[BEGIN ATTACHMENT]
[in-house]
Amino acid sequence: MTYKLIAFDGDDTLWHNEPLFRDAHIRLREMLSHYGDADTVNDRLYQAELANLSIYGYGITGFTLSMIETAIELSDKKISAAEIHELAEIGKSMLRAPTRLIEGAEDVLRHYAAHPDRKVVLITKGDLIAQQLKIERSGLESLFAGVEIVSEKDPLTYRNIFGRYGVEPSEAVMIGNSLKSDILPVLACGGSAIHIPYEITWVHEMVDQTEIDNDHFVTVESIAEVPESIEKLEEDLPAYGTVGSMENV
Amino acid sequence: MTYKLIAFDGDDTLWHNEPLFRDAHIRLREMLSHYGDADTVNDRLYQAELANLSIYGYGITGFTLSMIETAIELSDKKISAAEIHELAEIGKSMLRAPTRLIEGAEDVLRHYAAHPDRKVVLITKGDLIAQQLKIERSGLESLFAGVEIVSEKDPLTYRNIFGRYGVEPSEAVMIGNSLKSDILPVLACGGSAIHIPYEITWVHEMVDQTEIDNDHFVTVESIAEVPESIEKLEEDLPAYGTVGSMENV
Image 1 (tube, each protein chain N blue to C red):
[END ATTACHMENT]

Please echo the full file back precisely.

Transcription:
[in-house]
Amino acid sequence: MTYKLIAFDGDDTLWHNEPLFRDAHIRLREMLSHYGDADTVNDRLYQAELANLSIYGYGITGFTLSMIETAIELSDKKISAAEIHELAEIGKSMLRAPTRLIEGAEDVLRHYAAHPDRKVVLITKGDLIAQQLKIERSGLESLFAGVEIVSEKDPLTYRNIFGRYGVEPSEAVMIGNSLKSDILPVLACGGSAIHIPYEITWVHEMVDQTEIDNDHFVTVESIAEVPESIEKLEEDLPAYGTVGSMENV
Amino acid sequence: MTYKLIAFDGDDTLWHNEPLFRDAHIRLREMLSHYGDADTVNDRLYQAELANLSIYGYGITGFTLSMIETAIELSDKKISAAEIHELAEIGKSMLRAPTRLIEGAEDVLRHYAAHPDRKVVLITKGDLIAQQLKIERSGLESLFAGVEIVSEKDPLTYRNIFGRYGVEPSEAVMIGNSLKSDILPVLACGGSAIHIPYEITWVHEMVDQTEIDNDHFVTVESIAEVPESIEKLEEDLPAYGTVGSMENV
Image 1 (tube, each protein chain N blue to C red):